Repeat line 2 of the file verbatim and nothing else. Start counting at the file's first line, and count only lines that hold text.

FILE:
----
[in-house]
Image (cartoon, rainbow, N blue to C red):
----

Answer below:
Image (cartoon, rainbow, N blue to C red):